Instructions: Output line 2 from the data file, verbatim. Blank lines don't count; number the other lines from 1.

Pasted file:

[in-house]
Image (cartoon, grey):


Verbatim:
Image (cartoon, grey):